Maxine Moul, Nebraska state director of the U.S. Department of Agriculture Rural Development, updated the Southeast Nebraska Resource Network at its quarterly meeting March 20 at the Morton-James Public Library in Nebraska City.
Economic developers from Cass, Lancaster, Otoe and Saunders counties attended for round table discussions, business spotlights and a presentation regarding the public art project in Nebraska City.
Moul, a former state Lt. governor and Syracuse newspaper publisher, said rural development is focusing on partnerships with local government, the University of Nebraska, development districts and resource networks.
She said rural development has an intermediary function when it receives funds from the federal Department of Agriculture and passes them on to business through grants and revolving loans.
She said revolving loan funds are having an incredible impact across the state.
“We have funds working in every county of Nebraska,” she said.
In one re-lending program offered in Nebraska, businesses can borrow up to $1 million at 1 percent interest for 30 years.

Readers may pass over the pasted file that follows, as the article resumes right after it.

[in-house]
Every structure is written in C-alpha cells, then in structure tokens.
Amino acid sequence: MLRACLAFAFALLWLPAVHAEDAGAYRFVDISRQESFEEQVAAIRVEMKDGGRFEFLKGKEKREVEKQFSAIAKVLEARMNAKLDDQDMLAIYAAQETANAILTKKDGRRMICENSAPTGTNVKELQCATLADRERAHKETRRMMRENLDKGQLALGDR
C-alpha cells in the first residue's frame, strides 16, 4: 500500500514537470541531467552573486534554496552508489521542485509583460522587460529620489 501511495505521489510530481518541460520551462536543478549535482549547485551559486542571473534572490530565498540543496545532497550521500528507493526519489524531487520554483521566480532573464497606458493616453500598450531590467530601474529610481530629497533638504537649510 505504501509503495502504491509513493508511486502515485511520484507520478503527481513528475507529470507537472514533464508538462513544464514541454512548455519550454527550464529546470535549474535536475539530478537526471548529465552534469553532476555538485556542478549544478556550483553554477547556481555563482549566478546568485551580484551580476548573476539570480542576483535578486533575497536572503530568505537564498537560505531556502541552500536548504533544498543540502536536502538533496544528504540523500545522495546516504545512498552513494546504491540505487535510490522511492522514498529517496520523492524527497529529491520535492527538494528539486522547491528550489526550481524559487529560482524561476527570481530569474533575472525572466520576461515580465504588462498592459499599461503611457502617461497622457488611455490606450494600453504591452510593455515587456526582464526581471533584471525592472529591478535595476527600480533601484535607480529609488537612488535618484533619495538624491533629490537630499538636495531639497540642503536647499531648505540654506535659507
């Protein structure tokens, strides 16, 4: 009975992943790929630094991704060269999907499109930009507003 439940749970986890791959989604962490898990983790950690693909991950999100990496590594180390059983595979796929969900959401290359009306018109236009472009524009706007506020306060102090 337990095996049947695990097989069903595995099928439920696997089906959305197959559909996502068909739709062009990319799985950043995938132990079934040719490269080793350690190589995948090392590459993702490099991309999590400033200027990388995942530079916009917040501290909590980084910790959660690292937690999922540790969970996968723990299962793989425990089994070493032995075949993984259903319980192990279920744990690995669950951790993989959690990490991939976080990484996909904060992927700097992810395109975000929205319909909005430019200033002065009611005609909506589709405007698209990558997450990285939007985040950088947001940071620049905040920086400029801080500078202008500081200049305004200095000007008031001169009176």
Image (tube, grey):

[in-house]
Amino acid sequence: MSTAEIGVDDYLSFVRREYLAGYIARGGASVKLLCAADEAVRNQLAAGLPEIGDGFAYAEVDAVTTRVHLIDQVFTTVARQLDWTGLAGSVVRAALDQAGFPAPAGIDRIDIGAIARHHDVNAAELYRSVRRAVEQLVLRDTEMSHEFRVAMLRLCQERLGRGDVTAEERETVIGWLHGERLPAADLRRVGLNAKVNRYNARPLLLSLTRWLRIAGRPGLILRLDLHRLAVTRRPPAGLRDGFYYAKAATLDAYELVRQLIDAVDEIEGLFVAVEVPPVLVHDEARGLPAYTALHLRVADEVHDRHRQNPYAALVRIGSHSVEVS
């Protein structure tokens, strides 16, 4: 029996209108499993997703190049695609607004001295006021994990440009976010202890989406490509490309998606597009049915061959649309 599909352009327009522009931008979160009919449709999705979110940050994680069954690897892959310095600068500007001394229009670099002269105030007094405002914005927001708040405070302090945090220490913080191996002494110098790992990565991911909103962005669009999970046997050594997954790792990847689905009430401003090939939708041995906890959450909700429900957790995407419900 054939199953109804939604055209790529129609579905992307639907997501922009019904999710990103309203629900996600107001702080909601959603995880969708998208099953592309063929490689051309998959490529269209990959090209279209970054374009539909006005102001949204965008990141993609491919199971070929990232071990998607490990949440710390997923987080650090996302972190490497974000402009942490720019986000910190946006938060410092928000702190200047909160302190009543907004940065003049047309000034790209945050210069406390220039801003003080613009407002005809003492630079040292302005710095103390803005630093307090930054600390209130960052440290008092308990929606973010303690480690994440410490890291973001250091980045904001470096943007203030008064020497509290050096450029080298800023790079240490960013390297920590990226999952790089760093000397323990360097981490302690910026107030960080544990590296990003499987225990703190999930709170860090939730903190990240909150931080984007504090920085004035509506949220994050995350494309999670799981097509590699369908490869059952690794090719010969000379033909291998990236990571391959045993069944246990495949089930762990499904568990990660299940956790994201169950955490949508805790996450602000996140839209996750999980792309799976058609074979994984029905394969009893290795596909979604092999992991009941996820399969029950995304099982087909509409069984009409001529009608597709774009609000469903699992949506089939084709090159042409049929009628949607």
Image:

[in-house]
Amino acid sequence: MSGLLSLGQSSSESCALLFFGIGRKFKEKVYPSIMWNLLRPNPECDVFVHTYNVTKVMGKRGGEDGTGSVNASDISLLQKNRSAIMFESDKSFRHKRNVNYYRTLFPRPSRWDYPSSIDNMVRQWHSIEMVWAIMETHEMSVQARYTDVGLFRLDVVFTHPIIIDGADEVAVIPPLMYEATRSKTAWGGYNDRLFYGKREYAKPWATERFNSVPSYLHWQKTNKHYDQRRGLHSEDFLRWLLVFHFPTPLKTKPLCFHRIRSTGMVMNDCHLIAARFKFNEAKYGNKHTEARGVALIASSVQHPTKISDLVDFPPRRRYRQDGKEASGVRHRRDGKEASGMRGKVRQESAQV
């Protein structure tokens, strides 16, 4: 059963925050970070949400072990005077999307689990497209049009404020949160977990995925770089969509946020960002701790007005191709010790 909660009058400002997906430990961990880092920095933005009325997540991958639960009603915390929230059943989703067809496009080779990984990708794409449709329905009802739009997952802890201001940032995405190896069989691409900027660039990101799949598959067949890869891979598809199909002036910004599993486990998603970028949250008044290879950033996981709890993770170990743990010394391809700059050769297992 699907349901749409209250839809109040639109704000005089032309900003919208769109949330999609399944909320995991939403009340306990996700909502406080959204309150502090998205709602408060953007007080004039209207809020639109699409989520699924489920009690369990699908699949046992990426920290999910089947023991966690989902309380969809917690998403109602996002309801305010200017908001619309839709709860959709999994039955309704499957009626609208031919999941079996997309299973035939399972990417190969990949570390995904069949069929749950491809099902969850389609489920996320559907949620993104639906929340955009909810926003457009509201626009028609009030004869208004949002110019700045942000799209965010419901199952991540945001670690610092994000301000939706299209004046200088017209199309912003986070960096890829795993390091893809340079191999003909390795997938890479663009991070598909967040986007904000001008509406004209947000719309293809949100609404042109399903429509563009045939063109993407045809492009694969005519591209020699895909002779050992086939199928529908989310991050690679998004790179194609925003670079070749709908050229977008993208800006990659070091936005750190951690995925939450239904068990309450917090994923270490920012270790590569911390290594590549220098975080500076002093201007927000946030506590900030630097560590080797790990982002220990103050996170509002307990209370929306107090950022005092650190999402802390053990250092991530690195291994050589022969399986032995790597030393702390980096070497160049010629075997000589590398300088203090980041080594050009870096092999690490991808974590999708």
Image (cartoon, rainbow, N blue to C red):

Moul said there is $302 million available in the program nationwide. Nebraska has $5 million in loans out.
She said Nebraska has helped 17 businesses through the Rural Business Enterprise Grant since 1989.
The Rural Economic Development Loan and Grants program traditionally assists utility providers, but Moul said the U.S. Congress expanded the program three years ago to include city-owned utilities.
In 2011, Nebraska City was the third city in Nebraska to have its utilities recognized for the program.
Auburn was recognized in November and Beatrice recognized in March.
She said the Rural Microenterprise Assistance Program has loans and grants available for businesses with fewer than 10 employees that are located in cities with a population less than 50,000. Program funds be for working capital, debt financing, business acquisition and land purchases.
Moul said rural development is interested in the re-lending programs to accompany the state's business and industry loan guarantee programs.
“Often times very small entrepreneurs are not eligible for a bank loan, but, if we can help them start through a revolving loan fund, they can get to the point where are eligible for a bank loan. Then we can come in and help with our loan guarantees,” she said.